The age of the dog when breeding plays a key role in the size of the litter. The older the prey, the smaller the litter, especially in larger breeds. Mothers raised 2 to 5 years old tend to have the largest litters. Despite the age of the prey, the first 2 litters will generally be smaller than the later ones.
The breed of the dog makes a big difference in litter size. In general, it is known that the smaller the breed, the smaller the litter size and the same goes for larger breeds, the larger the breed, the larger the litter. Rather, you are in control of several factors responsible for the size of the dog litter, but you may not know it. Determining litter size can help breeders know if the mother dog has given birth to all puppies and recognize early signs of possible complications, such as large puppies that may be difficult to transmit.
You may be planning a breeding and wondering how you can increase the litter size, or you may have already bred and wonder how you can figure out the litter size ahead of time. If a pregnant litter contains a very large number of puppies, more than the mother's body can physically support, it is likely that some of the offspring will not be born, but may be resorbed by the mother's body or born dead along with the rest of the litter alive and healthy. The first four to five litters of a female dog are generally larger than the litters produced after the fifth brood. I think that the timing of reproduction also matters in the factors that affect the size of the litter, as well as the case of the absorption or abortion of some fetuses by the mother and I would not know if the size of the litter can really be hereditary, I would like you to research more on this.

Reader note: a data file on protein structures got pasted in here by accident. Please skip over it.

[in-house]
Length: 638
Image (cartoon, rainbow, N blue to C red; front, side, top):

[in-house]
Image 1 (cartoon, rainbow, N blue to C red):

A mother who is fit and healthy before mating and throughout her pregnancy will be able to give her offspring the best possible start in life and will have a greater chance of having a larger litter of larger offspring relative to breed standards. A mother raised between 2 and 5 years old and fed a quality diet, with perfect health and optimal nutrition, is more likely to have a larger puppy litter than a malnourished female. Larger litters will most likely occur when the male dog is less than 5 years old, since it is easier for sperm to enter the female's eggs and most sperm are of higher quality. Usually, the size of a dog litter is mainly based on the size of the dog's body simply because biologically, larger bodies are capable of carrying a larger litter than smaller bodies.
A younger stallion is more likely to produce high-quality sperm, which in return can result in a larger litter size. The bottom line is that influencing the size of a puppy litter is almost impossible if you want to do it precisely. This study found that litter size was influenced by breed size, mating method, and dog age. Although the results are relative, it clearly shows that the more inbred the puppies, the lower the puppy count.
The number of puppies your mother will have is not just a coincidence, depending on how the stars are aligned on the day of mating. Like the dog's age, the first analysis of the data showed no significant change in litter size according to the mating method.